Letter from Buenos Aires: Subsidies Create More Films, But Not an Eager Audience

It’s not surprising that a country known for its artistic and cultural liveliness is garnering critical acclaim and attention for its films.

Argentina has been experiencing a cinematic push — one that is well overdue after years of inadequate funding and other logistical roadblocks. Thanks to a growing creative community and $30 million a year in government film subsidies, the number of motion pictures produced in Argentina has climbed to nearly 70 per year. Enrollment at film schools, both private and public, has risen to unprecedented levels. Film festivals such as the Buenos Aires Festival International Cine Independiente (BAFICI) and the Mar del Plata Film Festival are garnering larger crowds, offering some first-time Argentine directors and filmmakers an outstanding venue. And Argentine filmmakers continue to earn international acclaim.

Locally however, all is not well. Argentine films are having a hard time recuperating their production costs at the domestic box office and, perhaps more disturbing, they are struggling to draw interest from local audiences when compared with imported offerings.

In a recent letter to the press, Sergio Wolf, the director of BAFICI, describes the Buenos Aires festival’s mission as supporting local film in at a time when theaters in Buenos Aires commonly show only big-budget commercial fare. Wolf hopes festivals will increase the popularity of independent film in Buenos Aires and that interest will remain even after the festivals’ closing nights. But would that be enough?

Tamara L. Falicov, associate professor of film at the University of Kansas, and author of Cinematic Tango, a book that explores the cultural politics of film in Argentina, reflects this same sentiment in an interview. She states that in festivals such as BAFICI, Argentine films gain audiences but that, “during the rest of the year there is a big disparity between the more expensive commercial films and independent films — those with low, to no-budget directors.”

She follows by saying, “It is fantastic that Argentine films are being produced, created, and in most cases, exhibited, but it is a problem that many people are not going to see these films.”

Argentina passed a law in 1994 that forces television and video studios to pay a tax; those funds are used to support the production of local films. Even though funding was largely distributed to higher-budget commercial films, young filmmakers continued to produce, even through the economic crash in late 2001.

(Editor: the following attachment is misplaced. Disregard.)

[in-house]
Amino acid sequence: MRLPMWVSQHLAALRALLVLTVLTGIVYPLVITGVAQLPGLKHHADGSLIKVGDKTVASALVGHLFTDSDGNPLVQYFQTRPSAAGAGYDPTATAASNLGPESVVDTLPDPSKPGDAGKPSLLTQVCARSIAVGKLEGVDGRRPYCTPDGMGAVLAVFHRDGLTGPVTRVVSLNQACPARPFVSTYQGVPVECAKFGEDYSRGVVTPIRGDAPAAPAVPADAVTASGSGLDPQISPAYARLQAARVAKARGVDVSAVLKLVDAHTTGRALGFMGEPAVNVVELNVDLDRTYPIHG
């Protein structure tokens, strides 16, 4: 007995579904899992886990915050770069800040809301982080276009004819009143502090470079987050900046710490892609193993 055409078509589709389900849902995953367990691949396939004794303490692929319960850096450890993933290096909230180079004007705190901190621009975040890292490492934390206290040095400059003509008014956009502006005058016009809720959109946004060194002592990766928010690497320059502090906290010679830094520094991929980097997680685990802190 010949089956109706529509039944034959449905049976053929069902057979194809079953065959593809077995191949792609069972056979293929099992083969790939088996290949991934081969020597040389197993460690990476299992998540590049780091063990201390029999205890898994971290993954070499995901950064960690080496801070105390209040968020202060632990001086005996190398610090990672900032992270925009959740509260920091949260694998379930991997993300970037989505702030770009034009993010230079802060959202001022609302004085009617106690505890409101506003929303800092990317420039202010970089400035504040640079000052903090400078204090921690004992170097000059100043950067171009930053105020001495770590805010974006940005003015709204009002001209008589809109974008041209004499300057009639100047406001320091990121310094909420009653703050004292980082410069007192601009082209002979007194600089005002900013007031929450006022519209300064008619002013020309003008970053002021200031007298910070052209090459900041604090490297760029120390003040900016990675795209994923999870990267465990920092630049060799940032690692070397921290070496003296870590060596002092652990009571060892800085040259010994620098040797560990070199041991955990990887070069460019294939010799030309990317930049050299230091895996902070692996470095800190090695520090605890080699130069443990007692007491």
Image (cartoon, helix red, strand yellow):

Falicov believes that the economic crisis fostered artistic expression. Her book quotes Manuel Antin: “This progress in the film world is proof that Argentina is experiencing a material crisis, not a spiritual crisis.”

Funding is now provided in many areas for filmmakers — through subsidies, competitions, and even in the form of scholarships for school, so finding a way to get the film created is less of a problem. However, the films are not in theaters long enough, nor marketed well enough to generate a following or recuperate large production costs. So in 2004 the INCAA instilled a quota to be followed by Argentine theatres, insuring that national films were shown at least once per quarter. This has helped to put national films on screen, but has still failed to develop an audience excited about national films — especially the independent films made in Argentina.

Part of the struggle is that the films receive absolutely no marketing. They are pitted against blitz campaigns for films coming out of the United States as Argentina continues to show Hollywood blockbusters at local theaters. Thus, Argentine films consistently do poorly at the domestic box office.

However, these same films perform amazingly well in foreign markets. Lucia Puenzo’s XXY in 2007 is an excellent example of Argentine film’s success abroad. Lucrecia Martel’s 2001 hit La Cienaga also gained critical acclaim in festivals throughout the world, earning several awards and critical accolades.

The state of film in Argentina is in many ways at a stalemate. It recognizes its inability to draw large crowds year round, but also knows it is putting forth films that are successful in independent film circles. In an article by Charles Newberry he talks about Argentine film goals that include producing commercial successes while still maintaining the artful edge for which Argentine film is known. Argentina is hoping to do both.

Newberry describes how members of the film community suggest paring down the number of films that are being produced in order to transfer funds toward marketing. Detractors worry this might stifle the emergence of new talent. Regardless of what will be done in terms of funding, a creative shift is happening.

Producers are making films with the audience in mind, focusing on topics and themes that will resonate with local audiences and garner box office attention abroad as well. Horror films and animated films are somewhat of a recent focus in an attempt to achieve this, with Sergio Esquenazi’s new horror film Visitante de Invierno coming out later in 2008.

The ‘arthouse’ image of Argentine film is perhaps a product of Argentina itself. Its tumultuous history and recent economic hardships have been creatively expressed through film. The edgy auteur is sure to remain, but only if it can accrue a bigger and more consistent local audience which in turn assures box office revenue.

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